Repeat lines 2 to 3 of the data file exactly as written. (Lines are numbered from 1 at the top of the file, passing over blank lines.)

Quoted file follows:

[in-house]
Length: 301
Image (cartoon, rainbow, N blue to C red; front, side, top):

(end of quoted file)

Length: 301
Image (cartoon, rainbow, N blue to C red; front, side, top):